We’ll discuss the practical effect this has on the range next.
MOD Easy Review: Range Test & Battery Performance
Despite being equipped with a 720Wh Samsung battery, we were concerned that an 88 lb. bike with a 750W motor would have a substandard range, and that riders wouldn’t be able to venture very far from home. We’re pleased to report that the MOD Easy performed reasonably well.
In PAS 2 (the PAS that felt as though we were receiving some amount of constant assistance), our tester covered 38 miles on the Easy in 3:08 for an average speed of 12.1 mph. That’s modest compared to most of the bikes we test, but context is key. There are few bikes that are in the same weight class as the MOD Easy so it’s a respectable enough result that will still be enough to power a whole weekend of riding for most folks.
The surprise came when we did our PAS 5 circuit. The Easy covered 30 mi. in just 1:39 for an average speed of 18.2 mph. This is a great result, and one that makes the case for going ahead and riding in PAS 5 considering what little penalty there is in range; we have occasionally seen a bike’s range as much as double in going from max PAS to minimum PAS.
The takeaway here is you’re not getting a huge difference in being conservative vs hitting the gas, so enjoy riding at the speed that’s more for you and you’ll have enough battery for any one day and then some.
You may get tired of me saying this before the MOD Easy review is done, but the addition of the Side Boat should come with the expectation that the results aren’t likely to be the same. When it comes to range the extra weight, drag, and other factors of having a side car will likely drop down your range some.
MOD Easy Review: Hill Test
In our test runs up our local hill, Hell Hole, the MOD Easy was a true surprise. On throttle alone, it climbed the hill in only 82 seconds, for an average speed of 13.2 mph. In PAS 5 the MOD Easy was even more impressive, zooming up the hill in 73 seconds at an average of 14.3 mph. To say we were pleasantly surprised isn’t an overstatement.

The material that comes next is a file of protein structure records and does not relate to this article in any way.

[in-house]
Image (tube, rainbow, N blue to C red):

There can be little doubt that even after shifting into the lowest gear in order to assist the motor as much as possible, going uphill with the MOD Easy will drain the battery a good deal more than riding on the flat. This bike’s weight will be a penalty on hills, precisely because the performance is so good.
We didn’t notice any significant drop in hill climbing ability with the Side Boat, but that is due, in large part, to the fact that we never tried to go especially fast up or down anything as long as the Side Boat was attached.
This was a decidedly above-average performance from one of the heaviest e-bikes we’ve ever reviewed. Practically speaking, the real kick of this bike is that on lesser grades the bike doesn’t seem to slow much, if at all.
As for the experience up hills with the Side Boat (it didn’t get the Hell Hole treatment due to a narrow bike path), you start to appreciate the peak power of the motor. It gets you up hills with the same relative ease at a slightly slower pace. GIven that the handling is more akin to a trike than a bike, that’s not a problem for us as it operates at its best under more tame speeds.
MOD Easy Review: Brakes and the Brake Test
Braking was another dimension in which the MOD Easy surprised us yet again. Armed with Tektro hydraulic disc brakes and 180mm rotors, the MOD Easy stopped in just 14 feet 11 inches from a 20 mph stop. Again, this e-bike tips the scales at a rather ponderous 88 lbs. Stopping with such haste was a real surprise.